An employee has a master and servant relationship with his employer. The work of an employee is within the control of his employer as to what to do, how to do and when to do. See Employed versus self-employed for more.
An office holder holds an office created by law or covenants. The office holder¡¦s duties are statutory and irrespective of whoever holding the office. A common example is the director office of a company.
Not all so-called “directors” are office holders in law. If a “director” is employed by a company through an employment contract, he is an employee only, not a “director” for tax purpose.
The income from a Hong Kong employment is taxable in full. The remuneration from a Hong Kong office is taxable in full too. So, in general, whether the income is from a Hong Kong employment or from a Hong Kong office is unimportant.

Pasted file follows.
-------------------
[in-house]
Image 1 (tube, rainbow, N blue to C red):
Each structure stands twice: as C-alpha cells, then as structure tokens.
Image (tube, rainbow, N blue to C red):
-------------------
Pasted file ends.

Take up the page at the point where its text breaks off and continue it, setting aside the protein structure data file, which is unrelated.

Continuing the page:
For a non-Hong Kong employment, the income attributable to services outside Hong Kong is exempt. Furthermore, for an employee performing services in Hong Kong during visits not exceeding 60 days, he is exempt from tax also. But these exemptions do not apply to a Hong Kong office holder. Therefore, for a non-resident working partly in Hong Kong and partly overseas, the distinction of his income between employment and office can affect his tax liability significantly.
In practice, a person may hold the capacity of an employee and an office holder at the same time. If the employment contract does not clearly make a distinction of the remuneration for the two capacities separately, the Revenue may take all the remuneration as taxable income. So, to avoid tax dispute, it is advisable to have the remunerations for these two different capacities clearly defined.